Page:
The irreversible damage of oil extraction to the earth’s ecology is already evident. But when plans for the Dakota Access and Keystone XL pipelines were revived in the first days of the new administration, it became clear that America, the insatiable consumer, would not be turning green any time soon – one more chapter in a centuries-long battle over land and resources.
Here is a visual exploration of the environmental consequences of oil production – from the Alberta Tar Sands in northern Canada to the pipelines and refineries across America – as told through the work and words of nine photographers.
Health and Culture of Poor Communities Ian Willms
Ian Willms has spent years closely documenting the impact of oil production on First Nations of northern Alberta.
“The oil industry consumes the ecology. It poisons the water, it eats up the land, it displaces the natural migrations of caribou and moose and other animals that the nearby First Nation communities rely on. There are a lot of health problems, for instance an extremely rare form of bile duct cancer is being found at a very high rate. I’ve photographed a funeral for a miscarried infant and a young boy named Dez, aged seven, who has had numerous open-heart surgeries. The local doctor believes it is all caused by industrial pollution. Once the fur trade dried up and the fish were deemed unfit to sell at market because of pollution, welfare benefits and the oil industry became the community’s main sources of income. This forces a lot of people into a pretty bitter compromise. It’s been an ongoing process of assimilation since the colonists first arrived and the oil industry has sped that up.
“While Fort McKay First Nation has mostly embraced the industry, it’s very important to the health of all those communities to be able to live in traditional ways, exercise their culture and re-connect with their identity; it’s paramount to mental health. Their connection and staggering knowledge of the ecology goes right down to a cellular level. Taking away their land takes away their agency to heal and the freedom to exercise their spirituality. Keystone XL will grow the industry, meaning more investment in expansion into Fort Chipewyan territory. If that happens it’ll be catastrophic for the hunting and fur trapping and fishing. It’ll be the end of an era for a lot of people.”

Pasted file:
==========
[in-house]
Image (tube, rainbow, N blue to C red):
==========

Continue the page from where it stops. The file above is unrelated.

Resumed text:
Air Pollution Alex Maclean
In 2014, Alex MacLean used aerial photography to document the supply and demand of both ends of oil production – from the Alberta Tar Sands down to the Texas Gulf refineries.
“When I got to the Alberta Tar Sands it was really horrifying to see its scale and size – and the extremes they go to to produce oil. The companies at Tar Sands will say nothing toxic leaves the site but that is absurd; you can see huge plumes of smoke and haze that carries air pollution going downwind, which all ends up dropping toxins into the forest 100 or 200 miles away. The destruction of the Boreal Forest, which is a huge carbon sink, has a massive impact on the acceleration of climate change.
Then you look at the refineries and what it means for the surrounding population living with that kind of air pollution and the health issues associated with it. It’s just appalling that you would expose people to those kinds of toxins. You look at those towns, how poor and degraded they are as a result of that. What is perhaps most hopelessly disturbing is the scale of what money can buy. When the oil companies spend several hundred million dollars trying to buy political influence, you realize the magnitude and power of the industry.”
Deforestation Jiri Rezac
Jiri Rezac began photographing the Alberta Tar Sands 10 years ago, mapping the impact of development on the surrounding ecology.
“The Boreal Forest is the largest primary forest on the planet and the Alberta Tar Sands cut right through it. The tar deposits are removed by open cast mining which requires the wholesale removal of the peat land and the Boreal forest, which is a huge carbon sink, that can never be replaced. The lower deeper levels of tar are removed through a method called SAG-D. Before either of these takes place, the process begins with seismic surveys like in other forms of oil exploration, which hacks mile long lines and well pads into the forest. This has destroyed the habitat and the ecosystem of the forest. The geese are gone. The caribou are gone. This is very detrimental to the First Nations people who live along that land.